Far less intimidating, Mr Tarantino!
With as much plot and pathos as cinema and swagger, Once Upon A Time In Hollywood, on August 15, is a serious win-win for Quentin
Maybe the halo/legend simply starts with a multi-syllable, zingy name: Quen-Tin-Taran-Tino — sounds even heavier than Mar-Tin-Scor-Sese or Stan-Ley-Kub-Rick, or Fran-Cis-Ford-Copp-Olla, when preceded with, "A film by…."
Perhaps it's the bratty, eternally collegiate, borderline bully's swagger in his public appearances. Which seamlessly reflect in his pictures. Transcending equally well when he talks about his movie influences, of all kinds, B-grade in particular, uniting film-buffs in ways that no director I know has.
Mainly because there is no air of artsy flatulence, when he expresses passion. He speaks movies for movies' sake, first. And he makes himself scarce, preserving an aura, as much around his works, as himself.
Or, is it his deeply fresh debut, Reservoir Dogs (1992), which he followed up with the non-linear Pulp Fiction (1994), overflowing with in-your-face coolness. Over a decade thereafter, despite only four features in the interim (Kill Bill 1, 2; Jackie Brown, being my favourite), Tarantino had been rendered critic-proof by critics themselves!
Know this from having been mildly walloped for feeling rather vacant in the head after the martial-arts blood-fest Kill Bill Vol 1 (2003). And this level of unreserved worship from the critical establishment is rather rare for a self-admittedly "genre filmmaker". Which isn't the same thing as the other director sitting on that same spot: Terrence Malik.
No doubt Tarantino remains among the most influential filmmakers of his generation. Been to Versova? You'll know. And yet, his bhakts continued to ape primarily his style and sometimes craft, rather than the substance — mostly immaculate writing, and spotless performances — that helped his films float beyond a simple genre.
There is, however, a switch in the gear, one noticed, with Inglorious Basterds (2008), and Django Unchained (2012), that came injected with a level of unvarnished truth that inevitably takes fiction to another level. Never mind the supremely self-indulgent The Hateful Eight (2015), an anomaly (in my eyes).
By now, you can tell Tarantino — so totally secure while creating a complex world he surveys, mixing it up seamlessly with story, emotions, and swagger — is only using film genre to fit his screenplay into a tight, recognisable box. And let the references, and set-pieces flow. Yup, just watched Once Upon A Time In Hollywood (Tarantino's ninth, and apparently, penultimate release).
For a filmmaker who's constantly referenced movies in his movies, Once Upon A Time... is his most open (love) letter to the movies itself — set in 1969 Los Angeles, zooming in to Hollywood bungalows and backrooms, Playboy Mansion and pretty young things, elaborate sets and sequences, rollickingly recapturing films, within his film.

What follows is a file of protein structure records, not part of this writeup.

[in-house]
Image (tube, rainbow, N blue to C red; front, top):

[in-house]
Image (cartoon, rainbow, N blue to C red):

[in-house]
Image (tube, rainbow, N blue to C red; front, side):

And yet, this is as much about that cusp between the decline of Hollywood's golden age (late '50s, early '60s) and hippies taking over, as it's primarily about two friends — a "has-been" lead actor of TV Westerns, Rick Dalton (Leonardo DiCaprio), sharing the sunset of his professional life, with his former stunt-double, Cliff Booth (Brad Pitt). Didn't think this adjective would ever apply, but it is Tarantino at his most tender!
And what's the film's genre, you may ask? Well the film is definitely named after Sergio Leone's Once Upon A Time In The West (1968). Saying this not just because there's more than a smattering of Spaghetti Western in the movie, but also Tarantino has repeatedly mentioned Leone as his chief influence — someone whose operatic style of shot-taking he has doffed his hat to on screen in the past.
But, no. This is an out-and-out thriller. It is based on actor Sharon Tate's freaky murder by members of the homicidal 'Manson Family', which took place on August 9, 1969, in the home that Tate shared with filmmaker-husband Roman Polanski. The incident shook LA, and indeed America, for decades after.
Margot Robbie plays Tate. And her life plays out roughly as it would have. Because, sure, she existed. As did a whole lot of characters in the film, including the adorably arrogant Bruce Lee! Tate's neighbour, Rick Dalton, and his buddy Cliff Booth, obviously reside only in the writer Tarantino's imagination. Though, I'm told, they're roughly based on actor Burt Reynolds, and his long-time stunt-double, Hal Needham.
That said, make no mistake, characters in place, cracking it for sure, genre set, story-line ready, this is in every way a Tarantino film, essentially with clever lines/situations, recurrent fetishes (foot, Red Apple cigarettes, et al), love for movie-guns and madness, and indeed mortal combat that is in equal measure pornographic and comical.
The reason for the halo around Tarantino — omnipresent as a guardian's guiding voice in all his films — making him the father of '90s fan-boy culture, is actually the sort of serious deconstruction that follows his work's release. This is fun to watch/read (intend to at some point), only because at a textual level, the movie itself is so accessibly popish. Takes you a second viewing, maybe? Man, totally up for watching Once Upon A Time In Hollywood again.
Mayank Shekhar attempts to make sense of mass culture. He tweets @mayankw14
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The views expressed in this column are the individual's and don't represent those of the paper
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